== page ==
lot of places. >> you're talking about bus by. >> i'm not specifically talk about buzz beat. i think leveraging a very, very small attention span, the science of clickbility or stickability or googlebility or whatever the word is, these are not word that's existed a few years ago. >> you know there's a thing circulating on the internet right now is buzz fed without the chips, you know. >> i never understood that. >> i'm pronouncing it that way. whatever it is, people are saying if you take away the splash andhe fun part of it, that substantively there's not much there. the people who are succeeding are the ones who's work once upon a time we might have looked down on. >> and how do we resist the temptation to go down and meet them down there. >> i was in new hampshire a few weeks ago doing a talk, and a
reporter -- a 25-year-old reporter came up to me afterwards and say, look, i love being a reporter. i'm fascinated by washington, i see all these people my age who are working for buzz feed, working for politico, they have twitter followings of 20,000, everyone knows who they are, they get on tv, they're on cable, how do i get in? it looks so remon tick 92 that's what this -- romantic. >> that's what this person wants. >> you're actually writing stories that affect the people that you talk to. yes, i mean, like every newspaper, especially every small newspaper, it has its challenges, but i would recommend to you and to anyone to stay out of town -- even if you want to come to washington as some point, stay out of town long enough to learn what a community is like, learn enough at least about yourself to know, you know, what is real and what is not real, because these cat videos on buzz feed are not real. they're at this time lating, your -- twitter followings are
knot you, your facebook pages are not you, the fake friendships you'll get in washington are commensurate to the fake friends you'll have on facebook. live a real life, and it's really, really easy, once you're in washington especially, to believe this is what is real. >> new york times reporter, are you sorry not to be working there under the jeff era or happy not to be working there? >> i'm very happy at the new york times and very, very lucky to have a joob. >> yes. that was not the question i asked. >> no, i would say this: i know a lot of people -- i feel in many ways consider it the home team. i spent nine great years there. i'm rooting for it. it's nice that jeff has a ton of money, it looks like he's willing to put some of it into it. like a billion he can spare, maybe. a couple things about jeff. amazon is an amazingly successful company built on customer service. customer service in journalism
is a really trickty and precarious term. it is cat videos in many ways. if readers want cat videos, we will give you cat videos. if you want one-click shopping, we'll give you one-click shopping, amazon. so he will glibly say, i'll just be focused on readers the same way i've been focused on customers. i doubt that it's transferable. he was at the post last montd meeting the -- month meeting the past and he said, here, look, here's my vision statement, don't be boring. and ever's like, yeah, let's don't be boring. who do you think he's talking about, guys? serious reporting is occasionally boring. >> yes. look. don't be boring. okay, so this guy's some genius who's imposing this on us. what i love about journalism it exercises a completely different side of your brain. it is not the amazon, you know, whatever algorithms that their jean uses use. i -- jeaniouses use.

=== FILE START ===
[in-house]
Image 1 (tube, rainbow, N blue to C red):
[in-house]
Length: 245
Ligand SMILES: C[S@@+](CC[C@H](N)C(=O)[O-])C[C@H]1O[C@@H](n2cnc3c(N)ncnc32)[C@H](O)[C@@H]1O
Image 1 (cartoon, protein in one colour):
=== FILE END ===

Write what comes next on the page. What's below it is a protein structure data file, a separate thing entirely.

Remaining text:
-- gene uses use. >> i would be very, very -- >> the flip side is he's figured out something with technology that have improved the trance transactional business, right. >> yeah. >> if they could be deployed properly, not improperly, to journalism, maybe he ultimately drives people cocondent they would not be -- content they would not be likely drawn to. >> keyword maybe. >> no, look. i guess i would say better jeff than some of the idiot whose have been buying into newspapers over the years and there have been quite a few and there's a long list of broken and destroyed newspapers and former journalists to show for it. >> yeah. >> he might as well have a shot. >> and in the end, whether you're at the home team, the washington post or not, we all need to be pulling for someone. >> absolutely. >> to figure out how this kind of work can continue. >> absolutely. >> because at the end of the day, this town needs honest journalists who are not buying
into the bs, to write about what's really going on so the rest of us out here in the world can know about it. >> right. news journalist have to eat for free. these parties have to continue. that was a joke everyone. sorry. >> yeah, i thought this took an odd turn. >> yeah, no, no, no. i was changing things up a little bit. >> yeah. >> we want to figure out a way. >> let's make it work. >> again, i just love -- i love the book. i think anybody who wants to understand what's actually going on in washington should read it, so i may read it again. but i thought it was a wonderful -- what a great success for you. >> thank you. >> mark leibovich. >> thank you very much. >> we'd love to have you join us in the studio, visit our website at -- klru.org/overheard. >> people wouldn't pay attention to ted cruz as much if he were
not a threat to absolutely shaking up the republican nominating process for president, or if he were not capable of holding, you know, much of his caucus, you know, both in the house and the senate, by the you know what. >> funding for overheard with evan smith is provided in part by mfi foundation, improving the quality of life within our community and from the texas board of legal specialization, board certified attorneys in your community, experienced, respected, invested. also by hilco partners, texas government affairs consultancy and its global healthcare consulting business unit, hilco health. and by the alice kleberg reynolds foundation and